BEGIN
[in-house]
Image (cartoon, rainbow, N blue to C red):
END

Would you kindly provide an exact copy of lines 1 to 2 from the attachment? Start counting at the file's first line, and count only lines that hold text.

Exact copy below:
[in-house]
Image (cartoon, rainbow, N blue to C red):